In this instance, your money's working harder, generating 17% per annum. So it's a much better deal from a how-hard-is-your-money-actually-working perspective.

Maximise profitability

Finally, we want to supercharge our returns by nailing the wishlist of our potential buyers.

Start looking at the sales data for your area. Are there many townhouse or apartment developments? What are they selling for and how long does it take for them to sell? This will give you a snapshot of demand and supply.

Is there a gap in the market – an undersupply of a particular property type? Maybe townhouses get snapped up as soon as they hit the market, with noticeable increases in value every time.

What is the typical price point in the area and is there room to push that price point?

What appetite is there for higher quality homes?

If you look at the median income for your chosen suburb it’ll give you an indication of the level of debt homeowners can sustain.
‘Highest and Best Use’ does not always equal highest density

It’s important to realise that the highest and best use does not always equal maximum density for the site.

You might be allowed to build a small block of six apartments, or alternatively three high-end townhouses. While it might seem logical that six dwellings will net more profit than three dwellings, if there’s demand in your neighbourhood for luxury townhouses, this might be the option that delivers the best return on your investment.

Remember that the cost of construction will have a major impact on your bottom line, so it often pays to choose a simpler, lower-risk option over a more highly-engineered build.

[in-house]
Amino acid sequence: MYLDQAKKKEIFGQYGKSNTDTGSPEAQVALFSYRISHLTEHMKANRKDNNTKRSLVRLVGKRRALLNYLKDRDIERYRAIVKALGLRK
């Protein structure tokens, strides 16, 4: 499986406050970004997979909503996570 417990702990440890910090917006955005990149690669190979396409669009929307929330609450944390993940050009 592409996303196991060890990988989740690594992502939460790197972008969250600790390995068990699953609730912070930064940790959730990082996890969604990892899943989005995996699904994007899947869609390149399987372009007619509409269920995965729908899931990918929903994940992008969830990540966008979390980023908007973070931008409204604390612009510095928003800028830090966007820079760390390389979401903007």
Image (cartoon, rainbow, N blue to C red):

Do your high-level feasibility: within all balance of probability, given typical construction costs, calculate which type of build will be more profitable.

Ultimately what we’re looking for is the most amount of money for the least amount of hassle and time. If the difference for a more ambitious project is in the tens of thousands of dollars then you’ll probably want to put the effort in, but you don’t want to go too hard too early.

Whenever possible, make your money work harder in the shortest possible space of time.

Get Agent input

Once you’ve made your decision, you can ask your local Agent contacts to confirm your assessment.

It’s important that we do the homework up front and that the Agent is just endorsing our result rather than giving their Agent opinion. After all, they’re not a Developer and they’re often selling property based on possibility (subject to council approval) rather than reality.

What you decide to build will be a combination of looking at all the market drivers.

Use the ABS stats, see who’s moving here, figure out if people are still looking for this kind of stock.

Once you’re an ‘Area Expert’ you should go to inspections, targeting property that falls into the category you plan to build. Turn up and see who’s there and what’s happening. Then build the thing your target market wants, can’t get enough of, and is prepared to pay a premium for.